Wednesday, May 12, 2021

Blackthorne Episode 134


image from


Cinemagenic 134


“Shape shifting requires the ability to transcend

your ego attachment; then you can slip in and out

of animal and deity forms.”--Zeena Schreck.

1(sound cue) loud buffalo hooves over snare drum.

2(medium one shot) Buck put down the big breech

loader and stood up calmly to face Tatanka--the

raging frost bull.

3(cut to overhead drone shot) The buffalo bearing

down on the hunter, as Buck stood his ground.

4( cut to behind Buck) as the bull charged. 

Suddenly the great albino came to a halt, twenty

feet from Buck, catching its balance immediately,

a dust cloud settling around it.

5(sound cue) coronet and castanets.

6(two-shot) the huge hoar ox shook its shaggy head,

and settled to the ground, folding its thick legs

beneath it. Buck did the same, resting his fists on

his leather-clad knees. The bison switched its tail at

a squadron of horse flies, as it held Buck’s weary

blue eyes with its harsh red ones. An arrowhead still

embedded in its left shoulder, had a red feather

attached to it, and it flapped gently in the breeze.

7(sound cue) a cacophonous blast of a dozen

Sharps and Spencers.

8(close up) Buck’s eyes seeing, remembering...

9(insert scene--overhead shot) a buffalo slaughter,

the herd surrounded by hunters all firing at once.

Heavy bodies crashed to the ground. The Sea of

Hair flowed with blood and bleats.

10(sound cue) an eagle’s scree over a saxophone


11(medium close up) Buck looked up as the eagle’s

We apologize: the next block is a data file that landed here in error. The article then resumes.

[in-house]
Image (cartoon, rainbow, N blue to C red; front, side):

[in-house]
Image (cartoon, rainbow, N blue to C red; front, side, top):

shadow crossed his face. When he looked back at

the bison, he saw a Shaman, a Lakota medicine

man of the Buffalo Nation, sitting cross-legged,

wearing a white buffalo head dress. His face was

painted white, with a red swath across his eyes.

He wore a bison vest, his bare arms painted 

white with red lighting painted on both of them

Buck nodded, and the nod was returned, their

eyes locked, their jaws set. Silence reigned.

Buck: No...I am not ready.

12(sound cue) the staccato of many horses.

13(two-shot) Buck and the Albino rose together.

They could hear the horses laboring along the

switchbacks below the ranch, about halfway up.

The great Bull, returned to itself, pawed at the

ground, backed up, glanced once to the north

and the approaching horses, once at Buck, and

charged off to the east, moving at a swift gallop

for a beast of its size, running toward the purple


Buck waited until the flashing white hooves were 

gone, thundering into cyan shadows.

14(tracking shot) Buck picked up the Sharps and

ran across the yard in huge strides, spinning up

soft clods of dirt, heading toward the flat bluff above

the burned barn, where El Blanco had materialized.

As he reached the top, he stood for a moment to

catch his breath. He could see his family plot a 

hundred yards away, three gray tombstones boxed

in with its short picket fence, all white-wash in the

sun. Wait a minute--there’s someone standing over

there, an Indian. He blinked and the person was

gone. Christ, could it be Johnny?

Buck jumped into a thicket of tall scrub oak, and he

saw a rider come over the rise at the head of the

drive. The ground he knelt on was damp with dew.